Early critical response to Watch Dogs 2 suggests that the sequel exceeds its predecessor, even though its multiplayer functionality isn’t ready for launch day.
The original Watch Dogs, released in 2014, was a solid game that didn’t exactly set the world alight. It was clear from the outset that Ubisoft intended for it to start a franchise, but Watch Dogs 2 would have to be a marked improvement over its predecessor for this to come to pass.
Fortunately, Ubisoft has a knack for getting open-world games right the second time around. In the same way that Assassin’s Creed II turned the good ideas present in the original Assassin’s Creed into a must-play experience, it seems that Watch Dogs 2 has built upon the most promising components of the first game.
However, that’s not to say that Watch Dogs 2 is a perfect release. Just hours before the game was scheduled to launch, Ubisoft announced that its seamless multiplayer component wouldn’t be ready in time — although a patch is already inbound.
With that in mind, here are some early critical responses to Watch Dogs 2:
Destructoid (Zack Furniss)
I expected Watch Dogs 2 to be a paint-by-numbers sequel — more guns, more cars, a bigger playground. Instead, it gives players freedom to play with the world with hackmagic the way they want to, and crafts a memorable, mostly light-hearted story that’s just a lot of fun. Considering the heavy subject matter woven in, that’s even more of an accomplishment than it seems like.
Gamespot (Peter Brown)
Watch Dogs 2 makes a life of cybercrime in San Francisco almost irresistibly fun. In what turned out to be a smart maneuver, Ubisoft dialed back the self-serious cyberpunk drama from the first game, aiming for something closer to an absurd hacker sitcom with Grand Theft Auto‘s irreverent atmosphere.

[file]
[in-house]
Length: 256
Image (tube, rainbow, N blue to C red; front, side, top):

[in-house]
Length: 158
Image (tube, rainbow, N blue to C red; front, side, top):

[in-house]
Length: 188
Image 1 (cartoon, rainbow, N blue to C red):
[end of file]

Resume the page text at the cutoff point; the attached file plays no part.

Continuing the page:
Score: Review in Progress
IGN (Dan Stapleton)
It’s a shame Watch Dogs 2 is coming out in this partially crippled condition, because even though I wish I could recommend it more strongly, I can’t yet. If I had to score it now, I’d give it a 6.5 for okay, because I don’t think people should buy it right now unless they have no interest in the multiplayer portion. I do hope and expect that I’ll be able to raise that score in my final review, which will come later this week.
Polygon (Philip Kollar)
In expanding the first game’s clever hacking options and through a story about taking on a system overwhelmingly stacked against the people, Watch Dogs 2 strikes an even more powerful chord at this precise moment in time. And if it went just a little bit farther in embracing that story and found a better balance between silliness and seriousness, it would be essential, rather than just cathartic.
Game Informer (Elise Favis)
While I haven’t yet completed the game, I have some impressions to share. For the most part, Watch Dogs 2 builds on much of what lacked in the first game. Hacking is less surface-level than it was in the original, giving a more playground vibe in terms of your abilities. Two of the best additions are your drone and tiny remote-control car, which can access high or tight areas that you can’t by foot. Shooting mechanics handle well and are similar to the first game, though stealth continues to be fundamentally more entertaining because of its emphasis on hacking.
While its clear that the absence of seamless multiplayer is affecting review scores, it certainly seems that Watch Dogs 2 is a sequel that improves over the original game. With a world filled with content and some interesting game mechanics, there are plenty of reasons to join up with DedSec — and there’ll be even more if Ubisoft’s patch can fix what’s broken.
It remains to be seen whether the positive response to Watch Dogs 2 will be overshadowed by the nude screenshot controversy that’s been brewing on its first day of release. However, the game itself seems to be one of the better open-world titles to release this year.
Watch Dogs 2 is available now for PlayStation 4, Xbox One, and PC.